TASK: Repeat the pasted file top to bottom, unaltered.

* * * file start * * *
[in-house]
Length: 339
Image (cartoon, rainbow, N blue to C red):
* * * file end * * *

[in-house]
Length: 339
Image (cartoon, rainbow, N blue to C red):